a woman who is the superior of a convent of nuns.
Historical Examples

His sister, the abbess Kunigunde, was keeping the door of the convent open.
In The Fire Of The Forge, Complete Georg Ebers

The abbess suddenly emerged from the gloom, and was standing in their midst.
Casanova’s Homecoming Arthur Schnitzler

This interruption was welcome to the abbess; she had as yet found no answer to her niece’s startling objection.
In The Fire Of The Forge, Complete Georg Ebers

The abbess will bring her answers to me, and I will pass them on to you.
The Memoires of Casanova, Complete Jacques Casanova de Seingalt

And after that the abbess had him instructed, and he left the life in the world for the religious life.
Our Catholic Heritage in English Literature of Pre-Conquest Days Emily Hickey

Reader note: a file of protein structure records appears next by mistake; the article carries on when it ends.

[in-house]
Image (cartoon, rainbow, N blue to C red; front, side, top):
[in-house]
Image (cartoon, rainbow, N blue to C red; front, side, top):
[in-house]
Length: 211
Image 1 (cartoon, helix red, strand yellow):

I had to tell the abbess the lady’s name, but not yours as she did not require it.
The Memoires of Casanova, Complete Jacques Casanova de Seingalt

The abbess laid her hands upon the bowed young head, and kept them so in silence until the storm of grief had passed.
The Lost Lady of Lone E.D.E.N. Southworth

I hope you have the wit to laugh at the abbess’s silly excommunications?
The Memoires of Casanova, Complete Jacques Casanova de Seingalt

He took the hand of the abbess, and she led the way, mechanically, to the door of an inner room.
Blackwood’s Edinburgh Magazine, Volume 59, No. 364, February 1846 Various

Where the abbess of Agreda wanders, he alone remains vigorous and clear.
En Route J.-K. (Joris-Karl) Huysmans

the female superior of a convent

c.1300, abbese, from Old French abbesse, from Late Latin abbatissa, fem. of abbas (see abbot). Replaced earlier abbotess.

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